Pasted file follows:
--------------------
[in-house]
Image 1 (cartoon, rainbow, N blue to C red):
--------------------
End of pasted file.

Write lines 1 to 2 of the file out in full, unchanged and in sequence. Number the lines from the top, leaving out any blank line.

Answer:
[in-house]
Image 1 (cartoon, rainbow, N blue to C red):